What is the significance of youth pastors living with their partner outside of marriage? How do young people respond to this information? Sexuality, spirituality, marriage, cohabitation and the church community all pertain to this conversation. The reality of cohabitation questions long-held views of marriage.
Canadian Mennonite University (CMU) in Winnipeg faced this reality head-on during a panel discussion called “Cohabitation: The question of living together before marriage.” Held on Feb. 9, 2016, the event was organized as part of the university’s Face2Face discussion series. David Balzer, associate professor of communications at CMU, moderated the discussion.
Rebecca Steiner, recruitment coordinator at CMU, and Paul Peters, a program manager with the university’s Outtatown Discipleship Program, represented the young adult voices on the panel. They shared five real-life stories to reflect the diversity in the relationships of young couples today.
The stories Steiner and Peters told gave several views on living together. Cohabitation for some was seen as practical or economical. “Test driving the vehicle” before investing in a lifelong commitment just made sense. Yet even with justifiable reasons, those cohabiting expressed concern about what others thought of them. One couple expressed concern that their decision not to live together would brand them as old-fashioned or irrelevant with their friends outside the church. Another couple were in a committed relationship, received their church’s blessing to live together and had no intention of getting married.
Is it the sexual intimacy before marriage that makes cohabitation frowned upon by the church? This question was raised, but was never directly answered. If a couple is living together prior to marriage but does not have a sexual relationship, ought their living together be viewed differently?
The four panellists included John Neufeld, lead pastor at the Meeting Place, a Mennonite Brethren church in downtown Winnipeg, and Irma Fast Dueck, associate professor of practical theology at CMU.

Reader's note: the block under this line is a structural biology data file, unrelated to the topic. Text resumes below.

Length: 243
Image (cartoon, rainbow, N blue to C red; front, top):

After hearing from the panel, audience members delved further into questions of nuances and definitions. The conversation about cohabitation is not one that refers solely to young adults, Neufeld pointed out, as people in the church of all ages cohabit.
Cohabitation has many implications—cultural and perceptional being among those. Dueck has researched cohabitation and reflected on her findings. Since the 1960s, there has been an increase in the number of people cohabiting. In Dueck’s experience speaking to pastors in the United Kingdom, it is rare there for a couple to be married that has not already lived together. In many cases, young people believe it is a good idea to live with their partner before saying their vows.
When forming a Christian framework to view this information, Dueck said, “marriage has always been a moving target.” It is challenging to form a Christian response when, historically, the understanding of marriage has changed and evolved. The motives behind cohabitation and the nature of the relationships themselves all need to be considered before placing judgment or making assumptions about a couple’s intentions or beliefs.
Following up on the “moving target” comment, audience member and CMU student Moses Falco probed the question: “What is, or isn’t, the significance of marriage today?”
Neufeld responded by addressing the connection between marriage and the church community. When a couple is joined in marriage the two are supported by their church community. This support is not always available to cohabiting couples.
Neufeld stated that there is also a connection between community and restoration. “We are working towards being something that is created in the image of God,” he said. “The restoration question is: ‘How do I re-align my life with what I truly believe?’ ”
To conclude the evening, the panel members were asked where they think this conversation will go in the next 10 years. Responses varied. Dueck, in looking at trends in the United Kingdom and Europe, believes cohabitation will become the “norm.”
The advantage the church in Canada has over the church in Europe and the United Kingdom when it comes to addressing cohabitation is that “we’re learning how to talk about sex better,” Dueck said. “That’s our resource, is that we have to practise talking about this.”
In this respect all the panellists agreed that the topic of cohabitation is not only relevant, but necessary, in further understanding the relationships between community, church, sexuality and marriage.
Owning the reality that cohabitation is happening is key for the church in addressing it, Peters said. “I think if we can own it, at least we can hopefully in 10 years be a place where [the church] is the safe community now to have the conversation, [and the church] is the safe place to enter into dialogue.”
To view a recording of the discussion, visit cmu.ca/face2face.